Argentina's peso in freefall despite cenbank rate hike to 60 pct

The country is battling to stem the slide in the peso which has lost 45 per cent of its value against the dollar this year

The country is battling to stem the slide in the peso which has lost 45 per cent of its value against the dollar this year Getty Images

Following seven straight days of declines in Argentina's peso, President Mauricio Macri decided to make a rare address to the nation on Wednesday to reassure markets that the South American country had no trouble paying its debts.

Argentina's currency, the peso, has faced another torrid day, losing more than 15pc of its value against the dollar in early U.S. trading.

Efforts by the Argentinian central bank to stabilize the national currency by raising a key interest rate to 60 percent have done little to soothe rapidly deteriorating sentiment in Latin America's third-largest economy.

Argentina's President Mauricio Macri said Wednesday that the International Monetary Fund has agreed to accelerate funding in support of his government's austerity program, but his comments did little to calm the market as the country's currency came under renewed pressure. In volatile trading yesterday, ... The peso is down 49 percent this year.

The "more adverse worldwide market conditions" battering Argentina's economy "had not been fully anticipated", she admitted in a statement.

August has also been the month for a selloff of emerging markets, prompted by the fall in the Turkish lira.

Argentina's peso began to recover on Friday (Aug 31) as markets opened, making a tiny 0.68 per cent gain after losing 20 per cent of its value against the dollar over the previous two days.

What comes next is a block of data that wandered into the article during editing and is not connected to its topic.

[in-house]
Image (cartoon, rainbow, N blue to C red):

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Instead, Macri's admission that there was a "lack of confidence in the markets" about Argentina's ability to finance its deficit next year sowed panic among investors.

It has lost more than 45.3 percent of its value against the greenback so far in 2018, prompting massive central bank interventions, including the sale of $500 million in reserves so far this week.

Macri said in a televised address that Argentina has agreed with the IMF "to advance all necessary funds to guarantee compliance with next year's financial program". Austerity measures have been unpopular with many Argentines, who blame budget cuts imposed by the International Monetary Fund for exacerbating the effects of a 2001-02 economic crisis that plunged millions into poverty. His government has since announced more than $2 billion in budget savings, a process he promised to continue.

"We are the country that has the most times violated its global contracts in the world, which has lied and cheated the rest of the time, and has shown again and again - until now - that it is not willing to seek fiscal balance and depend on its own resources", he said.

The IMF stated that the loan would help revise the Argentinian government's economic plan. It pared some of its declines following the central bank announcement.

The bank against raised its benchmark rate on Thursday, lifting it to 60 percent, after a special meeting of its monetary policy committee. Articles appear on for a limited time.

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